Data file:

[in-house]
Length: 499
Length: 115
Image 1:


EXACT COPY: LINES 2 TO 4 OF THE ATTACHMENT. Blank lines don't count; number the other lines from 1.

Length: 499
Length: 115
Image 1: